1) Reasonable suspicion is the lowest standard. Most often used by law enforcement for car stops and "stop and frisk" searches.
2) Probable cause is higher than reasonable suspicion. Standard used by law enforcement to arrest after conducting a preliminary investigation, such as a DUI investigation. Probable cause issues often serve as the underlying defense in pre-trial motions.
3) Preponderance of the evidence is higher than probable cause. Standard used to determine whether someone violated probation by using alcohol or drugs.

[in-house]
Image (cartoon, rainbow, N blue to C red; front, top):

4) Clear and convincing evidence is greater than probable cause but less than beyond a reasonable doubt. The standard used in civil cases and child custody disputes, where the state moves to remove a child from a home due to allegations of abuse.
5) Reasonable doubt is the highest standard. The standard applied in most criminal litigation and serves to afford the accused the presumption of innocence. This standard is what separates American Jurisprudence from other forms of criminal justice systems. The most important feature of our justice system is placing the burden of proof (and persuasion) on the government.